Give a Damn Again (1995): Adam Isidore’s Chronicle of Black Kids

Modeled after, though not as sharp, insightful or entertaining as, Michael Apted’s landmark documentaries, 28 Up or 35 Up, director Adam Isidore’s Give a Damn Again is an engaging follow-up of a group of black kids, first interviewed in 1968.
As a current report of where they are now–and what has happened to their childhood dreams-docu is more interesting sociologically than cinematically, but subject matter alone warrants airings on PBS or cable.
In response to the growing urban unrest in the late l960s, New York mayor John Lindsay initiated the “Give a Damn” campaign to raise funds–and awareness–of the inner city’s plight. One memorable TV spot featured kids from Harlem’s P.S. 197, which asked them one basic question: “What would like to be when you grow up?”
Twenty five years later, director Adam Isidore conducted a follow up while relocating the very same kids. His goal was to find out the effects of the intervening decades on their childhood aspirations. As might be expected, most of the kids went in different directions than those professed earlier in their lives. One boy, who wanted to be president, became a successful puppeteer; another, who declared he wanted to help people, still hopes that his interview, recorded in jail, where he serves time, will be useful for others. But there’s also a girl who wanted to be a teacher and is now a social activist, working as a nurse at Beth Israel hospital.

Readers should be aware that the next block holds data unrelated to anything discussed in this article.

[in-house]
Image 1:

Some useful perspectives on family structure, educational and career opportunities in American society from Harvard professor Cornell West, former mayor Lindsay, and writer bell hooks. Tony Isidore, who helped devise the original ad campaign and is director Adam’s father, lends the film a broader political context, highlighting its two-generational dimension and the notion of a son continuing the work begun by his father.
Relying on extended interviews, production values are simple and traditional; the work’s strength derives from its material rather than style. Give a Damn Again lacks the in-depth commentary, honed humor, and technical sheen that characterize Apted’s work. At the same time, because the American class system is not as rigid as its British counterpart, this docu is also more hopeful than Apted’s in showing some progress and upward mobility.
A Red Barn Films production. Produced by Adam Isidore, Sam Farrell, Beth Drenning. Directed and edited by Isidore. Screenplay, Adam Isidore, Chris Isidore, Drenning, Farrell.
Camera (color), Maryse Alberti, Sarah Cawley, Jean De Segonzac, David Goldsmith, Rob Levi, and others.
Reviewed in USA Film Festival, Dallas, April 29, 1995.
Running time: 90 min.